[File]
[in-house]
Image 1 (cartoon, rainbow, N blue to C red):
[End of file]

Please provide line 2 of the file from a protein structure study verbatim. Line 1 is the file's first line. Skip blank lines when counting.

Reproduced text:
Image 1 (cartoon, rainbow, N blue to C red):